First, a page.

Psalm 84:1-2 NIV
The writer knew that God’s presence is the most beautiful, amazing, loving place in the world.
True, if you’re not right with Him, the presence of God is a scary place. He does hate sin. He will judge us all one day. But if you have accepted Jesus as your Savior, you are clean and forgiven. You have nothing to fear.
The presence of God is Heaven. The absence of God is Hell. Knowing this, how should we live?
Tired of trying to do it all. And trying to do it perfectly.
There is so much pressure on women today. Pressure to be the perfect mom, to have the perfect body, to eat organic, to perform well at work, to keep our husbands happy, to entertain our kids, to finally get the clothes out of the hamper, to clean the house, to drive kids to practice, to get to the gym more than once a week…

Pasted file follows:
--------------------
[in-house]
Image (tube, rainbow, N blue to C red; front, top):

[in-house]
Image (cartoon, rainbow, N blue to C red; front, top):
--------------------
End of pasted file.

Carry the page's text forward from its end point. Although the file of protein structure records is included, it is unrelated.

The list is endless! We can’t do it all.
Do you feel this too?
The pressure to do all these things and do them well enough to please everyone–and look good on Instagram!
Our culture puts so much pressure on us. We are exhausted and overwhelmed most of the time. I don’t think this is how God meant our lives to go.
I just want to be free. To breathe. To not have to perform. And to not have to be perfect.
Do you know what I mean?
I grew up with a perfectionist father. He was constantly pointing out what I did wrong. Even little details. I don’t think he meant it to hurt me; it was maybe just his way to help me become better. But the result was that I became anxious and fearful of making a mistake. I strived for perfection in every area of my life. It was exhausting.
Perfectionism is like that. Exhausting.
Do you know why?
Because it’s impossible.
Perfection is impossible this side of heaven.
So this crazy push for perfectionism–to be that perfect “does it all” woman–it’s just that: crazy.
And it will drive you insane. And it will fill you with anxiety. And it will steal your peace and joy.
Perfectionism is a form of pride. It seeks its own glory. But the Bible tells us we should do everything for God’s glory (1 Cor. 10:31).